AARP offers tax help to elderly, low-income

Published 11:58 pm Saturday, March 21, 2009

Alberta Jackson hasn’t yet made out a wish list for how she will spend her income tax return. She doesn’t even know if she is getting any money back from the Internal Revenue Service.

But no matter if she faces a potential fee or refund, her pocket book will still have a little more green than this time last year.

Jackson sat in a small, quiet room while a trained, certified tax worker filed her taxes. And it was absolutely free through the AARP Tax-Aide Program.

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“It’s a blessing to be able to get this done for free,” Jackson said.

Jerry Mittleman, AARP’s Mid-Alabama state coordinator, said the organization saw the need for volunteer tax preparers in Selma because of the high amount of elderly people and low-income families. AARP does not currently have a West Alabama coordinator, so Mittleman directs the first-year program inside Educational Outreach Ministries Inc. at 720 First Ave. The office is open each Friday from 10 a.m. to 3 p.m. by appointment only.

“We do it by appointment because we don’t want people to come in and sit around all day,” said Evelyn Cox, Selma AARP chapter president.

However, anyone who walks in and needs assistance won’t leave without getting help.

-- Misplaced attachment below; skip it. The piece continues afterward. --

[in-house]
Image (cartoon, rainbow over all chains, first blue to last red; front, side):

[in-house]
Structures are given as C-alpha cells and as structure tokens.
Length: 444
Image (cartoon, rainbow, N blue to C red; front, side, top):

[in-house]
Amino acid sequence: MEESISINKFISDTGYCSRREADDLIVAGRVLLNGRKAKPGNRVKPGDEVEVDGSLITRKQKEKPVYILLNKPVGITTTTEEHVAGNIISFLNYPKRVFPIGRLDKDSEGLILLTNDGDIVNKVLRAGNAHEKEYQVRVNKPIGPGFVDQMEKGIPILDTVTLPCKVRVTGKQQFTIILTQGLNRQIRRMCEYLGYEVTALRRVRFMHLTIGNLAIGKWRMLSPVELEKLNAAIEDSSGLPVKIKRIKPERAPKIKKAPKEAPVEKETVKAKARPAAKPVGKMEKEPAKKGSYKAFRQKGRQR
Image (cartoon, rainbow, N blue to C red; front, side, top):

Although April 15 is the last day to file taxes, April 10 is the last Friday of the month, and the local Tax-Aide service will close then.

Eight volunteers from the Selma area went through the equivalent of two weeks of training and earned certification from the IRS and AARP.

“The training was pretty good, but it’s not until you sit down and do it that you really know what you’re doing,” said Lucille Williams, an AARP member who drives from Marion to volunteer.

Tax-Aide offers assistance with income and cash-only business returns and other simple forms. The program does not offer help for farmers, businesses with inventories or large estates.

The primary focus is on the elderly and economically disadvantaged, but anyone who needs help can get it through the program.

“We’re motivated to get the service established,” Mittleman said. “I have worked as a paid preparer. Trust me, we’re cheaper, and the motivation is different. It’s kind of neat when you can tell a 70-year-old person, ‘you’re getting $300 back.’ It’s not nearly as neat when you’re charging them $160-170.”